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Professor Barry Webb AM awarded honorary Doctor of Engineering

17 December 2021
A true luminary
The renowned lighting engineer has been recognised for his professional excellence, commitment to nurturing the next generation of engineers and contribution to the wider community.

University of Sydney Chair of Academic Board Professor Anthony Masters, Dean of Engineering Professor Willy Zwaenepoel, Professor Barry Webb and Vice-Chancellor and Principal Professor Mark Scott.

In 2014, lighting engineer Professor Barry Webb was sitting in the Great Hall, watching his granddaughter receive a scholarship, when it occurred to him that the space’s century-old lighting technology could do with an update.

He produced a proposal and generously donated his time to the project, creating a new illumination design that highlighted the hall’s historic features and made the space more versatile.

Today, Webb himself received an honorary Doctor of Engineering in the Great Hall.

Webb, who has bachelors degrees in Engineering and Science from the University of Sydney, is an internationally renowned lighting authority. Through more than 40 years in the field, he has helped shape how we see Australia’s streets, buildings and public spaces at night.

His work on the Great Hall won the Illuminating Engineering Society of Australia and New Zealand’s Award of Supreme Brilliance. He has designed lighting for the Opera House, Anzac Parade in Canberra, the Archibald Fountain in Hyde Park and the crypt of St Marys Cathedral. He was commissioned to design several installations for the Sydney Olympics in 2000, including the solar-powered lighting for Olympic Boulevard. His work on Sydney’s street lighting can be seen throughout the CBD.

His work combines deep knowledge about the science of lighting with an artistic sensibility and a commitment to lower energy use.

Illuminated stained glass windows in the University of Sydney's Great Hall

Professor Barry Webb's work on the Great Hall won the Illuminating Engineering Society of Australia and New Zealand’s Award of Supreme Brilliance.

He shares his expertise and passion as a mentor and educator. While working on the Great Hall, he established and funded an internship, allowing an Engineering student to work alongside him on the project.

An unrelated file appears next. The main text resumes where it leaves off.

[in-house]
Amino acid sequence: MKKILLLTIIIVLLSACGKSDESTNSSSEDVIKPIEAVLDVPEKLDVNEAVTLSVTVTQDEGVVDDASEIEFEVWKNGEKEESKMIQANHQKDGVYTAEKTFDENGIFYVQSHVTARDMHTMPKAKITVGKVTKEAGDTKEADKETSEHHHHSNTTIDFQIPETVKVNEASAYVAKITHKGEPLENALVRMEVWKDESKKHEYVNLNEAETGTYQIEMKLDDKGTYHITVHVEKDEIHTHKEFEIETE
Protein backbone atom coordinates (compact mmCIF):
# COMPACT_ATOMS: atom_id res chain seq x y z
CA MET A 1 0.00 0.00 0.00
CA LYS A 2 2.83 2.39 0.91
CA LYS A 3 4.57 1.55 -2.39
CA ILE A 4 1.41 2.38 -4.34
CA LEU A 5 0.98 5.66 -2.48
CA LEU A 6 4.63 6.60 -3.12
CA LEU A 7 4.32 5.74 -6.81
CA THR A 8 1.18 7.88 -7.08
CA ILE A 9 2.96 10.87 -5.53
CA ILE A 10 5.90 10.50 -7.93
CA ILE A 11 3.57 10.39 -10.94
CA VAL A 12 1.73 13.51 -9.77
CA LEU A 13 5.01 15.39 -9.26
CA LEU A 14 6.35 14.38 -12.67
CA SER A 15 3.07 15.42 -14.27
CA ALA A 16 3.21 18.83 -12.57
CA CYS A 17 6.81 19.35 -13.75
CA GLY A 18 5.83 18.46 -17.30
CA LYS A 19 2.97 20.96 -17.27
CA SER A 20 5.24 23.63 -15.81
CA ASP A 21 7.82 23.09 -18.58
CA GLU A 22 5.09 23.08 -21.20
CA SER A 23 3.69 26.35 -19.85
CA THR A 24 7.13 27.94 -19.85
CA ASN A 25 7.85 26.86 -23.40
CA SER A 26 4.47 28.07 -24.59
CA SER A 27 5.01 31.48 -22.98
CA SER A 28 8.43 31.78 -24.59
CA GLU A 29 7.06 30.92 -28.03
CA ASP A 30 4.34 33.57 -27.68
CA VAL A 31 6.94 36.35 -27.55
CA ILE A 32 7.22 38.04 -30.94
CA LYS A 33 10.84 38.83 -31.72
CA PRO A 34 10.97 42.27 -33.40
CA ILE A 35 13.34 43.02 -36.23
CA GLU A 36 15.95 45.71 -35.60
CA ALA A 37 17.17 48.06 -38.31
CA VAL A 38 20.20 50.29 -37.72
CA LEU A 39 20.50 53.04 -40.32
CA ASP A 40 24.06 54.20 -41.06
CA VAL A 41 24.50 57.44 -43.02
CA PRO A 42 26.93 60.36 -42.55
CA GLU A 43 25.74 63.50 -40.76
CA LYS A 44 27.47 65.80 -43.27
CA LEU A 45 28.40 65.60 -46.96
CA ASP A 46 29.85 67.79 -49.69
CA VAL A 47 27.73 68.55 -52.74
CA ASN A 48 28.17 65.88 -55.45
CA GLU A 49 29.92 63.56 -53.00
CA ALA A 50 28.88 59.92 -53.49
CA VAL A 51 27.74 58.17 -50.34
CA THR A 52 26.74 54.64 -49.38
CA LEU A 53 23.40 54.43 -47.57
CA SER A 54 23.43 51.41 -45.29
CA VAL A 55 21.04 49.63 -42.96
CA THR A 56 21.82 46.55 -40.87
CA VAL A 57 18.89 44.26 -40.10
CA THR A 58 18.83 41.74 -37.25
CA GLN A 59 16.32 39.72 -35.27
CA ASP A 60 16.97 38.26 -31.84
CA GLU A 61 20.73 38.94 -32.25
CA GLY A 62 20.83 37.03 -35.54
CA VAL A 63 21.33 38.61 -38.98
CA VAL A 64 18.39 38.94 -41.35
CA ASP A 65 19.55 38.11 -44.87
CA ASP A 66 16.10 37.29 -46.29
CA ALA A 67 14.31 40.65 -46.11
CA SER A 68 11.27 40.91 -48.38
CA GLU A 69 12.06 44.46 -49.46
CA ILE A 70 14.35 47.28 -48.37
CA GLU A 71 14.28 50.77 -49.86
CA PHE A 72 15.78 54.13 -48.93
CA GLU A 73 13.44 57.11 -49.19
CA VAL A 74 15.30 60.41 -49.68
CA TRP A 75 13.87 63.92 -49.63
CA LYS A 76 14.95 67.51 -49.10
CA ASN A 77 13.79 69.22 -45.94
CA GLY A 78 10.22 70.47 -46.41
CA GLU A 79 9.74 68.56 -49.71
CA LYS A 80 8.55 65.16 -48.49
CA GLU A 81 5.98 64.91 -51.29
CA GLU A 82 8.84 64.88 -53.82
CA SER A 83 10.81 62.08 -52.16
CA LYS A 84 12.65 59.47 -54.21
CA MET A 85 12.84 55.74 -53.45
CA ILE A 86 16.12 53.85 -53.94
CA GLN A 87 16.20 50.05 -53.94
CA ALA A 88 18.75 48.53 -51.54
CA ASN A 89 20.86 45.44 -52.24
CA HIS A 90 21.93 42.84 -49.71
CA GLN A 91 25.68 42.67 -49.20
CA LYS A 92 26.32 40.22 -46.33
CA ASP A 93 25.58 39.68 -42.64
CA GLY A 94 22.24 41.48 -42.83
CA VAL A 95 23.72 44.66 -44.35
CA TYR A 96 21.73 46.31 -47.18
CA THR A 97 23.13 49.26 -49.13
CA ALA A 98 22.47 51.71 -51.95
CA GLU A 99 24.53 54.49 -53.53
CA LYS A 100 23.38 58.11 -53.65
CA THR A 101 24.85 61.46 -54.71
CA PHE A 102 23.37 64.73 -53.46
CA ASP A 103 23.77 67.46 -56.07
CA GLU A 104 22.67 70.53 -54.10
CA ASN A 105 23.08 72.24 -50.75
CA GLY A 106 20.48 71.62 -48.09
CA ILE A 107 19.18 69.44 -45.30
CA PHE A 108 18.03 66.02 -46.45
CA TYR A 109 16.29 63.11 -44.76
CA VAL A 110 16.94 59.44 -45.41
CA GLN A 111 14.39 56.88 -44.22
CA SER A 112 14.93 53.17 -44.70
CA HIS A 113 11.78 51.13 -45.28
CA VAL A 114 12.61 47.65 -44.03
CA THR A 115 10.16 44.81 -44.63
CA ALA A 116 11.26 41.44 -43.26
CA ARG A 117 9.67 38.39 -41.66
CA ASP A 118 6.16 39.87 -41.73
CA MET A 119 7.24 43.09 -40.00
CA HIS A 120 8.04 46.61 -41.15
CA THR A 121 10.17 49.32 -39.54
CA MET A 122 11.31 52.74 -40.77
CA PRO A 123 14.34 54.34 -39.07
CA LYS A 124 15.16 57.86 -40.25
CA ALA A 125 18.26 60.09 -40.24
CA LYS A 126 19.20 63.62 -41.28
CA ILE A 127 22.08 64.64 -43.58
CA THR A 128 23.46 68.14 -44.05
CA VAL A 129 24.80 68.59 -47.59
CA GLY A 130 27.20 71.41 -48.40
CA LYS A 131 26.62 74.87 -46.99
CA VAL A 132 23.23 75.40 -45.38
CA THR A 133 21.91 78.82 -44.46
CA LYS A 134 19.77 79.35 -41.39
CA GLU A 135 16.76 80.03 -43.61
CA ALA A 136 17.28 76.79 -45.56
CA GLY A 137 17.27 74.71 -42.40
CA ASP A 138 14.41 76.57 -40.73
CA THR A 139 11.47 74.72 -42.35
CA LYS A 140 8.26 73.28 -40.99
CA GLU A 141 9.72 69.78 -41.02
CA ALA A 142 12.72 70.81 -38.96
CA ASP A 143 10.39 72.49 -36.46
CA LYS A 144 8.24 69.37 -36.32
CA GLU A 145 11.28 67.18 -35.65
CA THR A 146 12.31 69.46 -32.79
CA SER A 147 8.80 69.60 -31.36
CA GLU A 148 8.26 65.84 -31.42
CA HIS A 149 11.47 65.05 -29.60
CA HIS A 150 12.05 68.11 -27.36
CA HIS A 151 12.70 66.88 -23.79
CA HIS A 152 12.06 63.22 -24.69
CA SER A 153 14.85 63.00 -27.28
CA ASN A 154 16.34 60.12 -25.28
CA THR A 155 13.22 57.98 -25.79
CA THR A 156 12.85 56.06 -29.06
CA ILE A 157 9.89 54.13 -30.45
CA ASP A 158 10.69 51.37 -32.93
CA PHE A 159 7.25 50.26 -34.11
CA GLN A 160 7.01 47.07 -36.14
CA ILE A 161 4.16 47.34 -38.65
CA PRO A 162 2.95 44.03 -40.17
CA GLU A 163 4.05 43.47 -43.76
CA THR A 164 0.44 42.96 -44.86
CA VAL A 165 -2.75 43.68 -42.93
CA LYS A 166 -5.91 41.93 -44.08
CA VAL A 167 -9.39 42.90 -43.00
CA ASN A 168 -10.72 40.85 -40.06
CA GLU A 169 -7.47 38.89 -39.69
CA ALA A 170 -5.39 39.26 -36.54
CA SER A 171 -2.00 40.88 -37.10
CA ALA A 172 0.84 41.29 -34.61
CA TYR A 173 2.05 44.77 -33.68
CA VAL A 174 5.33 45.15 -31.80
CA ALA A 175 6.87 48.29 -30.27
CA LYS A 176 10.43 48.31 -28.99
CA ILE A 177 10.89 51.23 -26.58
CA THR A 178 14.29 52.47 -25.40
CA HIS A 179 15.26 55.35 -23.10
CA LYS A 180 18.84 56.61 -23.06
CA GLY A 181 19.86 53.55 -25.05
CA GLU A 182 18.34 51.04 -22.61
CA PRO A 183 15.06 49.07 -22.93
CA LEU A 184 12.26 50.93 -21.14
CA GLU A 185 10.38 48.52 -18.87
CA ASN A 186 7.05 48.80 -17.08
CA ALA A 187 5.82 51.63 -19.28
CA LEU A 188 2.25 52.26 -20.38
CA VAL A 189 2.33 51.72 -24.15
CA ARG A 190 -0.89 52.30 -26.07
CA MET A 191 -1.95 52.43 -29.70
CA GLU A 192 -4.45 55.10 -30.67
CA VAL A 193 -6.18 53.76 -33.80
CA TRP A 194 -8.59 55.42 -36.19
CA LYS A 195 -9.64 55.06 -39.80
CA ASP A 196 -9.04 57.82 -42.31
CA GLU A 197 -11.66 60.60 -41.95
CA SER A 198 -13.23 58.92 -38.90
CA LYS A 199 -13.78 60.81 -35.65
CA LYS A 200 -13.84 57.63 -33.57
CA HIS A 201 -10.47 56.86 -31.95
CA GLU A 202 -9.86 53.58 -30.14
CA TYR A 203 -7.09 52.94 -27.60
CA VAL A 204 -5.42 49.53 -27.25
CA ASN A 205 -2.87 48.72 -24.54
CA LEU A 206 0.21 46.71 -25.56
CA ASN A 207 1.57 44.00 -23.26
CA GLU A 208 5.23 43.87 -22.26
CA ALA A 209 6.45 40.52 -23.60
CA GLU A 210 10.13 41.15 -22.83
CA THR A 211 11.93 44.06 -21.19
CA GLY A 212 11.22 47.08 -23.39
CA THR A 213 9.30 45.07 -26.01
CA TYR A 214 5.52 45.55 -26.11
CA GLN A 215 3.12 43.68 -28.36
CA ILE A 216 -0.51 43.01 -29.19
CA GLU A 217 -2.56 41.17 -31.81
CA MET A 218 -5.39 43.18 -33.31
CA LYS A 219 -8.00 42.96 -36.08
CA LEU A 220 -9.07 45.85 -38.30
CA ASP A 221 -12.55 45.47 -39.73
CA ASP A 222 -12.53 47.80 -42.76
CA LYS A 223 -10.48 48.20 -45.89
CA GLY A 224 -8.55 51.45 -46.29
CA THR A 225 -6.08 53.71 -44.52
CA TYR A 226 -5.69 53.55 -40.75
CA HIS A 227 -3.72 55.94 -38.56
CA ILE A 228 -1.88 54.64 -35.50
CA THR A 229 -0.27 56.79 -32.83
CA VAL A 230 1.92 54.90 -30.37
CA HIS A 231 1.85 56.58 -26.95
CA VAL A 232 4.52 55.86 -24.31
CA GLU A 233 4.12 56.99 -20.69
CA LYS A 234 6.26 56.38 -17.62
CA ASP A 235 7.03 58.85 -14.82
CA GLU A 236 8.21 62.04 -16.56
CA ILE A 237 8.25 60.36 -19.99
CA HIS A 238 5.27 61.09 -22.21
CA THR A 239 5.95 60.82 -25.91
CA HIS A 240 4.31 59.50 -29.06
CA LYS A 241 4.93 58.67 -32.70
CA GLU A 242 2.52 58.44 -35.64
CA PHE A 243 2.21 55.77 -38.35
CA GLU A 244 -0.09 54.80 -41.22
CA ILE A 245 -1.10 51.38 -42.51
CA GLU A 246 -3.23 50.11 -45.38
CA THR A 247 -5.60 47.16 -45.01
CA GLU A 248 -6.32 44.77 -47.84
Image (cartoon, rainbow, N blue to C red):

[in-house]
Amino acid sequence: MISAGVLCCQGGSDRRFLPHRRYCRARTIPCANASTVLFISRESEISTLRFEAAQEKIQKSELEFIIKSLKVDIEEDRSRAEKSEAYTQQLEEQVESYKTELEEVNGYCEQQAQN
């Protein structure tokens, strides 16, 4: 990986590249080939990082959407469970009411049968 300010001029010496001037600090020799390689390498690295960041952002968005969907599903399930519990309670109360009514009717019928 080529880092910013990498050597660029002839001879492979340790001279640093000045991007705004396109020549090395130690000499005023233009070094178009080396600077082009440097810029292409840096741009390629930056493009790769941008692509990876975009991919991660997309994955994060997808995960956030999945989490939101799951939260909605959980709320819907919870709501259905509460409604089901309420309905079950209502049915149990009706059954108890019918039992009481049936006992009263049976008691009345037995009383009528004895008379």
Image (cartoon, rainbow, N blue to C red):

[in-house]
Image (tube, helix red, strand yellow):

Baoying Tong, who was awarded the internship, went on to be named 2018’s Young Engineer of the Year by the Chartered Institution of Building Services Engineers Australia and New Zealand. For Tong, working with Webb was an inspiring experience.

“The creativity he demonstrated through this project impressed everyone,” said Tong. “But I want to highlight not only the awards and praise he received for this project, but also his dedication and willingness to mentor young engineers like me.

“His creativity continues to inspire emerging designers.”

Olympic Boulevard illuminated at night during the Sydney Olympics. The Olympic torch burns above Barry Webb's solar-powered lighting design.

Professor Webb designed several installations for the Sydney Olympics in 2000, including the solar-powered lighting for Olympic Boulevard. 

In 2019, Webb shared his expertise as part of the Faculty of Engineering’s Jacaranda Flame Consulting program, which gives students the opportunity to work on real-world projects as consulting engineers. He worked with students to design a solar-powered light pole that uses smart sensors to adjust its strength according to conditions.

He spent seven years as a visiting scholar at the Massachusetts Institute of Technology, where he introduced a new course in lighting engineering. Leslie Norford, Professor of Building Technology in MIT’s Department of Architecture, said Webb was “an outstanding lecturer”.

“The inventiveness and verve that characterise his lighting installations were very much evident in his classroom,” said Professor Norford.

Webb is an Honorary Fellow of the Institution of Engineers Australia and a Member of the Order of Australia.

Vice-Chancellor and Principal Professor Mark Scott presided over the ceremony in the Great Hall.

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